Sunday, August 23, 2009


If I don't get this post written now, I never will. I'm tired - working production again for the next three weeks, and I also have an audition tomorrow, so I need to dig into the script, but I promised I would tell you about my "Wizards of Waverly Place" shoot, and it was a cool experience that I really would like to share.

I wasn't called until noon, so I got up and got myself moving at a leisurely pace before driving to Hollywood Center Studios, where the show shoots. I pulled in through the gate where I usually walk on, and was told that I wasn't on the "extras list." I told the security guy that I wasn't an extra. He didn't seem to believe me, and got on the phone. I got on my cell phone and called the 2nd AD for the show, who told me that I was at the wrong gate. The security guy told me that they weren't going to let me in either because I wasn't on the list. Whatever, man.

I drove around to the other gate, and wouldn'tcha know - SAME THING. I called the 2nd AD back & he told me to hang out for 3 minutes, and he would get clearance for me. I asked this security dude if I could just pull over to the side and sit. He started yelling at me and ranting about "I'm just doing my job - you're not on the list, they do this to me all the time...blah blah blah." I assured him that I understood that it wasn't his fault, and he kept on yelling. I didn't want to hear all that, so I pulled over and sat, all the while thinking "I'll bet this is why celebs go all 'Don't you know who I AM?!' from time to time. I heard his phone ring, then he came out of his booth and brought me a pass. I wanted to say "Gimme that damned pass!" and snatch it out of his hand, but it was clear that he was having a bad day already, so I played nice. I didn't say "thank you" though. He told me where to put my car. The valet situation was it's own mini-drama, but I'll spare you the details. Suffice it to say that the day had lost its glow by the time I trekked across the (hot) lot to the sound stage.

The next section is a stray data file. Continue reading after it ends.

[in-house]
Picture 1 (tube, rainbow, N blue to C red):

I got to my dressing room, still kinda salty until I turned on the TV and saw one of my favorite movies: "Point Break." That made things a little better. Then I went to hair and makeup. What a lively room - everyone was chatting and there were kids in and out - I mostly sat, listened, and watched. I overheard the guy in the next chair saying something about Chicago, and it turns out that he's from there as well, so we chatted about that as we got our makeup done.

I went back to my trailer, finished watching Point Break, then went to rehearsal. It was my first time in front of a live studio audience. I mean, I've done lots of theatre (which I LOVE), but since I began working on-camera, I've missed the energy that comes from having an audience there watching. When you do theatre, I think it forces you bring your "A" game because there are no do-overs. When you work on camera, they can do take after take after take. Don't know your lines? Not too big of a deal, they can feed you lines and you can record them one by one (I saw this once. It was ugly). This was somewhere in-between. There were still multiple takes, but I think having the audience there makes you want to be great EVERY time. That's my opinion. I would L-O-V-E to do a sitcom with a live studio audience.